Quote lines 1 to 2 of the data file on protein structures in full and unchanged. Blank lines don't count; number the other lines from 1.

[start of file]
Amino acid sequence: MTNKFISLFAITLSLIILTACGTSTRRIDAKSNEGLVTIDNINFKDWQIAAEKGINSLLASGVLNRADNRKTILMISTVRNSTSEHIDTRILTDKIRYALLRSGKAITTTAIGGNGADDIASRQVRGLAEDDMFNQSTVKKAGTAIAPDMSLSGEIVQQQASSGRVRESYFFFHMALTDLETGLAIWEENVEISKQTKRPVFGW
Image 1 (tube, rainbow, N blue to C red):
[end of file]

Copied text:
Amino acid sequence: MTNKFISLFAITLSLIILTACGTSTRRIDAKSNEGLVTIDNINFKDWQIAAEKGINSLLASGVLNRADNRKTILMISTVRNSTSEHIDTRILTDKIRYALLRSGKAITTTAIGGNGADDIASRQVRGLAEDDMFNQSTVKKAGTAIAPDMSLSGEIVQQQASSGRVRESYFFFHMALTDLETGLAIWEENVEISKQTKRPVFGW
Image 1 (tube, rainbow, N blue to C red):